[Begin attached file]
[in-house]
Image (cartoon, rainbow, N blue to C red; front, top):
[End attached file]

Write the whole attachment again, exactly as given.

[in-house]
Image (cartoon, rainbow, N blue to C red; front, top):